Cameroon + 10 more

IRIN-WA Weekly Round-up 10 covering the period 04-10 Mar 2000

Office for the Coordination of Humanitarian Affairs
Integrated Regional Information Network for West Africa
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SIERRA LEONE: Rebels receive widespread criticism for blocking peace

The United Nations and Human Rights Watch (HRW) have criticised the Revolutionary United Front (RUF) rebels and their leader Foday Sankoh for blocking peace in Sierra Leone and committing abuses against civilians.

In his latest report on Sierra Leone, UN Secretary-General Kofi Annan on Thursday reported "modest progress" towards the implementation of the governance provisions of last year's Lomé Peace Agreement.

However, he said he was "very concerned about the often negative and confusing approach taken by Foday Sankoh to key elements of the peace process and the role entrusted to the United Nations".

"The present situation gives rise to serious doubts about the commitment of Mr. Sankoh and the RUF to the faithful implementation of the Peace Agreement," Annan added.

On Wednesday, the president of the Security Council, Anwarul Chowdhury, said the United Nations was deeply concerned by human rights abuses which are reportedly still being committed by the RUF.

"Council members view with deep concern reports of continuing human rights abuses, in particular gross violence against women and girls," he said in a statement. He added that members were also worried about reports of a serious humanitarian situation especially in those parts of the country where the UN Mission in Sierra Leone (UNAMSIL) is being prevented from deploying its troops.

For its part, HRW said it had documented numerous rebel abuses committed in January and February in Port Loko District, 40-65 kms from Freetown. The abuses, it said, included 14 cases of rape against girls as young as 11 years old, 118 abductions, three murders, and several cases of mutilation, forced labour, looting and ambushes, as well as the training of child combatants.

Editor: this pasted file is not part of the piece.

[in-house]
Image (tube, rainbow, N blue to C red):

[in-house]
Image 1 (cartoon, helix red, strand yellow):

SIERRA LEONE: Displaced people demonstrate in capital

Hundreds of internally displaced people (IDPs) from the eastern diamond district of Kono held a peaceful demonstration on 4 March in the national stadium in Freetown, the Missionary News Agency (MISNA) reported.

The demonstrators, currently living in camps the Freetown area, said they wanted to be able to return to their homes some eight months after the government and the Revolutionary United Front (RUF) signed the Lome Peace Accord, MISNA reported on Monday. They said the authorities should guarantee the safe return of civilians to the district.

Kono is one of seven districts with a total population of 2.4 million to which humanitarian agencies do not have access, the UN Humanitarian Assistance Coordination Unit (HACU) said in a 7 March situation report. The others are the northern districts of Bombali, Kambia, Kailahun, Koinadugu, Port Loko and Tonkolili. However, the ICRC said this week that it had sent an assessment team to Tonkolili.

SIERRA LEONE: ICRC conducting needs survey

The International Committee of the Red Cross (ICRC) and the Sierra Leone Red Cross Society (SLRCS) have started a needs assessment in four districts prior to a distribution of seeds and tools, ICRC Information Delegate Priska Spoerri told IRIN on Thursday.

The survey started last week, is expected to last three to four weeks and targets some 40,000 destitute families, Spoerri said. The teams are now in the eastern district of Kenema, Tonkolili District east of Freetown, and Pujehun District in the far south. If their security is guaranteed, they will also travel to Kailahun District in the east, she added.

After the survey has been completed, the ICRC and the SLRCS will distribute 40 kg of rice seed, 10 kg of groundnuts, vegetable seed, hoes, plastic sheeting, kitchen sets, blankets, sleeping mats, and soap to each family, the ICRC said.

SIERRA LEONE: Urgent humanitarian priorities